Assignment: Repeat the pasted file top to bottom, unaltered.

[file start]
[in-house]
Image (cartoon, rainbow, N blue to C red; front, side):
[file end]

[in-house]
Image (cartoon, rainbow, N blue to C red; front, side):